Conservative conference: GPs responsible for 24-hour care of vulnerable elderly from April

GPs in England will be responsible for the 24-hour care of the vulnerable elderly from April and will be their 'champion' in the health and social care system, health secretary Jeremy Hunt told the Conservative party conference.

Mr Hunt: ' ‘I have done the tea round in a Worthing ward; washed down emergency beds in Watford; answered the phone in a busy London GP surgery.'
Mr Hunt: ' ‘I have done the tea round in a Worthing ward; washed down emergency beds in Watford; answered the phone in a busy London GP surgery.'

My Hunt told delegates at the conference in Manchester on Tuesday that he wanted to ‘transform the care older people receive outside of hospital’ and ‘rediscover the ideal of family doctors’.

This would be done by boosting GP access and ‘giving GPs the time and space to care proactively for vulnerable older people on their lists, keeping tabs on them and helping them stay well longer’, he said.

The 2004 GP contract abolished named GPs he said, ‘destroying the personal link between patients and their GPs’.

‘So from next April we will be revising that mistake by introducing a named GP, responsible for proactive care for all vulnerable older people,’ he said.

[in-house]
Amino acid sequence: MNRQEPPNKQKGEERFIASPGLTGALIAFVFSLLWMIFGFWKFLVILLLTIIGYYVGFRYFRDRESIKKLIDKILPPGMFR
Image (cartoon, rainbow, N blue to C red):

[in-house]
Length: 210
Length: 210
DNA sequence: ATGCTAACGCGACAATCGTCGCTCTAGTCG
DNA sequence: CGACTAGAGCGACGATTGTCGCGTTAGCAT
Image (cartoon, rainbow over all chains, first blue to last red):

‘Someone to be their champion in the integrated health and social care system that we will be implementing from April,’ he added.

‘Restoring the link between doctor and patient for millions. And joining up a system which has allowed too many people to fall between the cracks.’

My Hunt said he has learnt more from ‘rolling up his sleeves’ and ‘mucking in’ on the frontline, than he has ever found out ‘sitting behind a ministerial desk’ in his first year as health secretary.

He said:  ‘I have done the tea round in a Worthing ward; washed down emergency beds in Watford; answered the phone in a busy London GP surgery; even done a nursing round in Salford.’

He thanked NHS staff for their hard work and paid tribute to a Feltham GP in south west London who visited a terminally ill patient daily after he finished work at his practice.

He told delegates: ‘He went out of his way to visit the patient every day after he finished work. Then one day he arrived at the patent’s home and was upset to see he’d just died. So he decided to wash and clean him. As he told the patient’s wife: 'I want this man to go out of his home with dignity'.

‘To him that was just his job. To me, it’s the NHS. There for us and our families, no matter how old, how frail, how hard up. Treating everyone with dignity, respect and compassion.’

The CQC will be given statutory independence, Mr Hunt also announced, ‘so ministers can never again lean on it to suppress bad news’ after he attacked Labour for trying to cover up poor care when they were in power.

The new powers would mean that the CQC would no longer have to receive the health secretary’s approval to carry out an investigation into a hospital or care home. It will also remove the health secretary’s power to direct the CQC on the content of its annual report.

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